Archive for the ‘Research Methodology’ Category
RCTs are great and every empirical scientist loves them. Everyone? No there is a small village in the south of France…Well to be honest I believe that RCT’s are just a hype. Of course they were great in reducing a lot of statistical problems and have helped psychology to become a “respected science” and earn a place in between mother philosophy and father medicine. In the retrospective the big advances in psychology have all been made by individuals that used single case designs (Freud, Piaget, Skinner…). Why is that the cause?
As much as RCTs can tell us about the statistical differences between groups they are not very good at telling us what the processes at hand are. RCT are also often conducted in special settings and with high treatment fidelity and lots of resources, something the “real world” often does not have to offer. All of this makes it complicated to derive any practical treatment value from them. If there is some practical value to it, one will have to search for it by reading the whole article and giving a few hours of thought to it.
Scientists write for scientists (or rather they write to please their peer-reviewers). This is a mindset quite far from the therapist that lives in a world in which all the factors that are excluded from RCT (for obvious reasons), like: economical and technical problems, comorbidity, lack of resources, converge and interact with each other.
The mindset of the therapist often does not entail thoughts of simple causality of X influencing Y, but of a multidimensional system in which all factors interact with each other. Thus the information value derived from RCTs might seem huge for the scientists, but low for the therapist that needs support in his treatment decisions.
Effect size is a parametric test, belonging to the GLM family that allows to compare the size of an effect between two groups (or for that matter two conditions in one group). The test can be used in all kinds of research designs (experimental and non-experimental) that employ different kind of measurements or/and manipulations. Given that the study itself is not biased, it offers an easy solution to compare the effect of different manipulations with each other. It also gives an indication of the real-life value of a given intervention (when compared to baseline). The concept of effect size is one of the core paradigms in scientific evidence-based therapy research and has stimulated the development of effective therapies, by giving a “golden” standard on which effect can be compared. Recently Cohen’s system of labelling different effect sizes has been criticized, still I would consider it to be scientific mainstream knowledge and the wide use and acceptance in the scientific community reinforces its use.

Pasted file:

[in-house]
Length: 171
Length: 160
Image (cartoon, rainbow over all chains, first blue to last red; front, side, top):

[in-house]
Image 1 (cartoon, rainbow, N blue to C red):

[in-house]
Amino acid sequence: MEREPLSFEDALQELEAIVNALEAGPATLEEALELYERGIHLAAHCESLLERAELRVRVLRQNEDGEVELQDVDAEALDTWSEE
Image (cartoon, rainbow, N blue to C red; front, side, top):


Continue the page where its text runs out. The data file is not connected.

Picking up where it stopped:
There seem to be no obvious methodological or statistical issues that could account for the poor inter-rater reliability. Embregts argues that informants might have a different view on presence and severity of behavioral problems depending on the frequency and quality of interaction they have with the client (“biased” data). Secondly both judges might have different standards of judgment when interpreting the behavioral data (“biased” interpretation). Another reason for poor inter-rater reliability might be different characteristics of the judges. As Albert Einstein already noted, we can not observe a process without influencing it – that notion is valid on a molecular level and (even more so – in my opinion) on a behavioral level. Different behaviors by the judge might lead the client to act differently. Ultimately data collection would be biased if the behaviour of the judge leads to behavior that would not be observed in a “normal situation”. This is a limitation we have to live with when conduction non-experimental studies. Diagnostic overshadowing is another process that could influence assessment of psychopathology and related behaviours: Judges might be inclined to attribute overlap between symptoms of mental retardation and psychopathology to the mental retardation. Finally the author hypothesis that low level of intellectual functioning make it hard for the judge to project oneself in the clients mental level. It might also be that there is just not one perfect treatment and many roads lead to Rome so to speak. If it is found that different treatment are effective and that they have about the same effect, inter-rater reliability should be computed in relation to treatment families and not single specific treatments, otherwise the IR rating might be much too conservative.